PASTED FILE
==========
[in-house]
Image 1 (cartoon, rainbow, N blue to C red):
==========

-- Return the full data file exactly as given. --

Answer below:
[in-house]
Image 1 (cartoon, rainbow, N blue to C red):